MR. KRISTOF:  You alluded to this a moment ago when you mentioned the $5 million for research, but can you just speak briefly about what the government, what the Administration is planning to do to build that economic case and to make it at home and around the world?

SECRETARY CLINTON:  I can.  Let me give you a few examples.  Let me start with land reform, which is one of the most challenging issues that demands major political commitment.  If we do not have land reform that gives women co-ownership rights, gives women inheritance rights, we won’t crack the code on greater agricultural productivity because the women need to have more financial security, to be protected in case they’re widowed.  I mean, really some of the saddest stories that I’ve encountered in 20-plus years of doing this work are widows who are pushed off the lands that they tilled with their husbands.  And if we don’t protect against theft and give greater investment incentives, then we won’t get the productivity that is promised.  So Feed the Future will work on land reform.  Feed the Future will also support entrepreneurship development to encourage agricultural growth sector.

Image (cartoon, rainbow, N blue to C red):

For example, in Mali, Feed the Future addresses women’s limited access to finance by providing training in financial management and completing loan applications.  I mean, it’s one thing to go to a woman farmer and say, “Gee, you could get credit.”  Well, they’ve never done that in their lives, and they’ve got to have support in understanding that.  And we know that land reform doesn’t have to be complex.  Let me just end with this one example.

In Ethiopia, the government is instituting a simple remedy:  Joint titles that have room for the names and photos of both husbands and wives.  It’s these kinds of interventions that we can draw attention to because then a woman’s photo, her name, is right there on the land title, and nobody can come and push her off her family land in the event she is widowed.